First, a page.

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Radioactive Sources



Sealed sources and radioactive tracers: multiple applications

Sealed Sources
Sealed sources are designed to prevent the dispersal of radioactive material and contact with them. The sources are stored, when not in use, in containers or castles, to avoid unnecessary exposure to radiation. Small sealed source on the left and right of the container for storage and transport of a powerful radioactive source.
ANDRA/IAEA

Minute quantities of radioactive atoms are used to meet the needs of medicine, industry or research, as radioactive sources or tracers. These radionuclides that do not exist for most of them in a natural state are generally produced in specialized installations: small reactors designed for that purpose or, in the case of some very short-lived isotopes used in medicine in large hospitals, small accelerators installed permanently.

Among their quotable uses: the treatment of cancer, medical diagnostics, industrial irradiation, the non-destructive control, the control of many parameters and laboratory applications. For industrial irradiation and treatment of cancers, some sources are powerful.

Small laboratory sources
Samples of small laboratory sources marketed by an U.S. company to test the functioning of Geiger counters. A quantity of radionuclide, of required activity, is placed in a 3 mm deep hollow plastic disc, filled with epoxy glue that holds the radioactivity. The activity of the three sources of the figure (of alpha, beta and gamma) is about the microcurie (millionths of a curie), activities comparable to those of human body natural activity, that’s to say very low.
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These radionuclides can cause an accidental exposure to radioactivity if precautions are not taken. Dispersal of radionuclides when they present a danger because of their activity, the noxiousness of rays or the life of the radioisotope must be avoided.

That’s why the radioactive sources are usually sealed to prevent the dispersal of radioactive material. When they are not used, they are stored in a container or a "castle" in order to avoid unnecessary exposure to radiation.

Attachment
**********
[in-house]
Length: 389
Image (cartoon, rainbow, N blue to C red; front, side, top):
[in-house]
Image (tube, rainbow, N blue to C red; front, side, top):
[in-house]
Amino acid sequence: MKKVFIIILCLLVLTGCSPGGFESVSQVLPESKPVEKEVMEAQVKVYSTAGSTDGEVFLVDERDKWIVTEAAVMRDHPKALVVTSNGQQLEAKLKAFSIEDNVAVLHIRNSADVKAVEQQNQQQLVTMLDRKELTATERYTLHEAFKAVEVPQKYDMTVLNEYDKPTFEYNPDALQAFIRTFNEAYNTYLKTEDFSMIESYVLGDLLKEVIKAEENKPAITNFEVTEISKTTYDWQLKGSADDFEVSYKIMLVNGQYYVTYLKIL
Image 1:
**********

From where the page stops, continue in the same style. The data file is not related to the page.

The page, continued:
The main radioprotection problem of radiation with radioactive sources is their large numbers, a consequence of their multiple applications. Thus, the Nuclear Safety Authority (ASN) must manage some 50,000 radioactive sources used in industry, research and medicine. Another problem is the end of life of these sources, which become waste managed by the National Agency for Radioactive Waste. In late 2002, the number of used sealed sources was estimated at about 140,000.

The tracers can be considered as radioactive sources that are not sealed. The quantities of radionuclides in question are much smaller and shorter lifetimes, allowing their dispersal. They are widely used in medical diagnosis.

The use of radioactive tracers incorporated into molecules is very common in biological research. They are thus a powerful tool of investigation in cell and molecular biology. The main radionuclide used as tracers are phosphorus 32 or 33, carbon 14, sulfur 35, chromium 51, iodine 125 and tritium. They are used as tracers and for calibration or instruction purposes.

A plethora of radioactive tracers are used in industrial processes to investigate the causes of problems or losses of performance, measure flow, controlling mixtures of materials, locate leaks in heat exchangers and piping. For example, the oil industry uses radioisotopes to identify leaks in its oil and gas pipelines.

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